Nanoscale pillars as a building block for future information technology
Researchers from Linköping University and the Royal Institute of Technology in Sweden have proposed a new device concept that can efficiently transfer the information carried by electron spin to light at room temperature—a stepping stone toward future information technology. They present their approach in an article in Nature Communications.
Light and electron charge are the main media for information processing and transfer. In the search for information technology that is even faster, smaller and more energy-efficient, scientists around the globe are exploring another property of electrons—their spin. Electronics that exploit both the spin and the charge of the electron are called "spintronics."
Like the Earth, an electron spins around its own axis, either clockwise or counterclockwise. The handedness of the rotation is referred to as spin-up and spin-down states. In spintronics, the two states represent the binary bits and thus carry information. The information encoded by these spin states can be converted by a light-emitting device into light, which then carries the information over a long distance through fiber optics. The transfer of quantum information opens the possibility to exploit both electron spin and light, and the interaction between them, a technology known as "opto-spintronics."
The information transfer in opto-spintronics is based on the principle that the spin state of the electron determines the properties of the emitted light. More specifically, it is chiral light, in which the electric field rotates either clockwise or counter-clockwise when seen in the direction of travel of the light. The rotation of the electric field is determined by the direction of spin of the electron. But there is a catch.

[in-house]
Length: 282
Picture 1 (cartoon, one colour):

"The main problem is that electrons easily lose their spin orientations when the temperature rises. A key element for future spin-light applications is efficient quantum information transfer at room temperature, but at room temperature, the electron spin orientation is nearly randomized. This means that the information encoded in the electron spin is lost or too vague to be reliably converted to its distinct chiral light," says Weimin Chen at the Department of Physics, Chemistry and Biology, IFM, at Linköping University.
Now, researchers from Linköping University and the Royal Institute of Technology have devised an efficient spin-light interface.
"This interface can not only maintain and even enhance the electron spin signals at room temperature. It can also convert these spin signals to corresponding chiral light signals travelling in a desired direction," says Weimin Chen.
The key element of the device is extremely small disks of gallium nitrogen arsenide, GaNAs. The disks are only a couple of nanometres high and stacked on top of each other with a thin layer of gallium arsenide (GaAs) between to form chimney-shaped nanopillars. For comparison, the diameter of a human hair is about a thousand times larger than the diameter of the nanopillars.
The unique ability of the proposed device to enhance spin signals is due to minimal defects introduced into the material by the researchers. Fewer than one out of a million gallium atoms are displaced from their designated lattice sites in the material. The resulting defects in the material act as efficient spin filters that can drain electrons with an unwanted spin orientation and preserve those with the desired spin orientation.
"An important advantage of the nanopillar design is that light can be guided easily and more efficiently coupled in and out," says Shula Chen, first author of the article.
The researchers hope that their proposed device will inspire new designs of spin-light interfaces, which hold great promise for future opto-spintronics applications.
More information: Shula Chen et al, Room-temperature polarized spin-photon interface based on a semiconductor nanodisk-in-nanopillar structure driven by few defects, Nature Communications (2018). DOI: 10.1038/s41467-018-06035-1
Journal information: Nature Communications
Provided by Linköping University